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Ladder with 2 forces of friction and a person climbing (statics)

  1. Jul 26, 2013 #1
    1. The problem statement, all variables and given/known data
    A uniform ladder of mass m and length L rests against the wall as shown. The wall is frictionless. The coefficient of static friction between the floor and the ladder is μ. The ladder makes the angle θ with the wall. How far along the ladder can a person of mass m climb before the ladder begins to slide?

    2. Relevant equations
    f(friction)≤μN(normal force)
    t(torque)=r(moment arm)Fsinθ
    G=mg

    3. The attempt at a solution
    FBD is attached

    because the ladder is not moving
    t=-mgLsinθ/2+NfLsinθ-μNfLcosθ-mg(L-x)sinθ=0
    Fx=Nw-ff=0
    Fy=Nf+fw-2mg=0

    Solve t for Nf
    NfLsinθ-μNfLcosθ=mgLsinθ/2+mg(L-x)sinθ
    Nftanθ-μNf=mgtanθ/2+mg(L-x)tanθ/L
    Nf=mg(1/2+(L-x)/L)/(1-mu/tanθ)

    When θ is at its maximum without the ladder slipping, f=μN.
    ff=μmg(1/2+(L-x)/L)/(1-mu/tanθ)
    Solve Fxfor Nw
    Nw=μmg(1/2+(L-x)/L)/(1-mu/tanθ)
    Also fw=μ2mg(1/2+(L-x)/L)/(1-mu/tanθ)

    Solve Fy for x.
    mg(1/2+(L-x)/L)/(1-mu/tanθ)+μ2mg(1/2+(L-x)/L)/(1-mu/tanθ)-2mg=0
    3/2-x/L=2(1-μ/tanθ)/(1+μ2)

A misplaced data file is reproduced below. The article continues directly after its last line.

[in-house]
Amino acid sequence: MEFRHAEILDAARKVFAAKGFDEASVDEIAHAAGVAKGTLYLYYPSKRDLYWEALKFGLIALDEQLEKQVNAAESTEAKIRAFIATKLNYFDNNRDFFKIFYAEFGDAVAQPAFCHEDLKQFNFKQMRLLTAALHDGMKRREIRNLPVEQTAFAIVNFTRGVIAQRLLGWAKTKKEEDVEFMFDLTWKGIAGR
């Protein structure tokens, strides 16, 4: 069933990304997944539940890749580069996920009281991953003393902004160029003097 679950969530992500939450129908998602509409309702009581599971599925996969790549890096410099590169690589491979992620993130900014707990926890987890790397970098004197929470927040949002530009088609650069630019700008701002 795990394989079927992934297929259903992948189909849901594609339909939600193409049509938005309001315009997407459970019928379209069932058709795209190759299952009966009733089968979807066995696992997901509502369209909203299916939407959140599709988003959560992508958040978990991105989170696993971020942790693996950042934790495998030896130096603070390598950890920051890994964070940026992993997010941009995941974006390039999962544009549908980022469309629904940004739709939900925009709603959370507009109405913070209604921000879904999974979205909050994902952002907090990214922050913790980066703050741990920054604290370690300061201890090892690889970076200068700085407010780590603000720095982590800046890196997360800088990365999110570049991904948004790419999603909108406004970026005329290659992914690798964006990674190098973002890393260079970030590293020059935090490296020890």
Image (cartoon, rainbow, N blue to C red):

x/L=3/2-2(1-μ/tanθ)/(1+μ2)
    x=L(3/2-2(1-μ/tanθ)/(1+μ2))
     

    Attached Files:

  2. jcsd
  3. Jul 26, 2013 #2

    ehild

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    The wall is frictionless, so [STRIKE]ff=0[/STRIKE]. fw=0
    Edit: It is fw that is zero
    ehild
     
    Last edited: Jul 26, 2013
  4. Jul 26, 2013 #3
    There is friction in the floor, so ff is not 0. However, fw should be 0 as the wall is frictionless.

    Dr Peter Vaughan
    BASIS Peoria Physics
     
  5. Jul 27, 2013 #4
    Okay, I feel really dumb. I mixed together this problem with the one below it when I was working. This is a lot easier.
    Solve for Nf using Fy.
    Nf=2mg
    Solve for x using t.
    -mg(L-x)sinθ-mgLsinθ/2+2mgLsinθ-2μmglcosθ=0
    -mgxsinθ+mgLsinθ/2-2μmglcosθ=0
    mgxsinθ=2μmglcosθ-mgLsinθ/2
    xtanθ=2μL-Ltanθ/2
    x=2μL/tanθ-L/2
    Please correct me if I'm wrong.
     
  6. Jul 27, 2013 #5

    ehild

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    Homework Helper
    Gold Member

    It is correct now.

    ehild
     
  7. Mar 31, 2015 #6
    Where are you getting an angle to plug in to your equations? The question just says that it touches the wall at angle theta.
     
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